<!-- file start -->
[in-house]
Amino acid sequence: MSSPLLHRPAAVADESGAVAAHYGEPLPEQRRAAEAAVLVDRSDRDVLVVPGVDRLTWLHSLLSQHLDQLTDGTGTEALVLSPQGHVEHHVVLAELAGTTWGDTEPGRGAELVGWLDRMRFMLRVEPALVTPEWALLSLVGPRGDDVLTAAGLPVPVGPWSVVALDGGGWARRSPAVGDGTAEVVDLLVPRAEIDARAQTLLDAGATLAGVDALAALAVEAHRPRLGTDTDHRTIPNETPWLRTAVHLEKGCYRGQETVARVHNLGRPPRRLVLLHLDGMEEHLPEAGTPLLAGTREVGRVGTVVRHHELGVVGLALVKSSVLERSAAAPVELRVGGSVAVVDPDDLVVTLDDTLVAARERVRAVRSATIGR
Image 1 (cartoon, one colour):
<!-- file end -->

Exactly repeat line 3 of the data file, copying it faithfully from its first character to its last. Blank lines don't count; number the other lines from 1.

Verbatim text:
Image 1 (cartoon, one colour):